All political careers end in failure, but every previous Labour or Conservative leader has taken their punishment with dignity and left the stage. Can Corbyn and his supporters really be so oblivious to their growing reputation as the sorest losers in British political history? Do they even care? Perhaps not.
The report was leaked within hours of its formal submission to Keir Starmer by the outgoing Corbynite secretary-general Jennie Formby, presumably to embarrass Starmer. Whichever geniuses decided to do this have heaped catastrophe on ignominy. The leak has triggered several dozen legal claims for defamation and privacy. Damages and costs against Labour could run to several millions, which is why Starmer may seek to hold the leakers vicariously liable for this mess. The leaker(s) should worry. Forde is said to have already identified them.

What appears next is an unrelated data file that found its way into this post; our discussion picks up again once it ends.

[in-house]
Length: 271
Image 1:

“We’re not going to trash the last four years,” Kier Starmer said when he was running for the leadership. But now the Corbynites are full of vengeance and victimhood, he might have to. There’s a war on, more visceral than anything Labour has ever seen before.